Everything is going according to the plan for Ghetto Gastro, but that isn’t stopping co-founder Jon Gray, who launched the company alongside Lester Walker and Pierre Serrao, from wanting more.

For him, the milestones that the breakfast-forward company has hit within ten years is what he’d hoped had happened within ten weeks. However, when journeying into entrepreneurship, as they say, patience is indeed a virtue.

“I think the level of success and the milestones we’ve been able to hit within ten years, I thought we were gonna hit within ten weeks. So we’re a little late — a little behind schedule, but everything is a blessing,” Gray told AFROTECH.


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Ghetto Gastro may be making bold moves within the breakfast industry, but Gray says the overall mission is to carve out a space to tell stories through food.

“We feel like nourishment is such an important pillar depending upon human and community building,” he shared. “We wanted to take that approach with the skillset of my partners, my home — being a native to the design and art space — and just kind of wanted to bring all of that together to create something special.”

With a brand that is just as vibrant as its offerings, Gray says partnering with a retailer like Target was a no-brainer.

“When we think about the pinnacle of cool and accessibility, the retail partner that always came to the top of mind for us was Target,” Gray explained. “Just thinking about the different collaborations that they’ve done on the design side with different brands and whatnot, different fashion designers, even down to the innovation that they have in beauty.”

He continued, “We felt like we could be the ideal partner to be a part of the innovation that they have happening in food and also the reach that they have on people. We feel like our message and what we have to offer is more impactful when we reach and touch more people. So, we were here to be inclusive for the capital, not exclusive for the capital.”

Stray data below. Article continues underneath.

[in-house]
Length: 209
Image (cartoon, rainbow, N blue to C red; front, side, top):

Ghetto Gastro’s bottomline is bringing the ideologies that make up their company and sharing them with the masses to “make it easier for them to make better choices” with a flavor first approach. The way they do that is by taking flavors from the Pan African pantry and coupling them with global south natural ingredients and plant-based foods.

“When you grow up in the neighborhoods like I grew up in, you see the environmental impacts on our health,” he said. “So, all of these things, I’ve been a part of, we don’t have the luxury to make stuff because it’s cool, we also have to think about the impact and how we are being helpful, you know, leaving the world better than we found it.”

While Ghetto Gastro now has nine new available products available for purchase in Target, including various pancake mixes, syrup, and toaster pastries, Gray says there will be more where this comes from. The goal is to take things further in the food industry and even the content space, utilizing the founders’ passion for food as the background for sharing stories.